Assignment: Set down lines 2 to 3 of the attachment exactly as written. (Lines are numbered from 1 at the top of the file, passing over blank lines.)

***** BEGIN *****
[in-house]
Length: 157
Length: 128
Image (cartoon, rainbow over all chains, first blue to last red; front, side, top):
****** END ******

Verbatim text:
Length: 157
Length: 128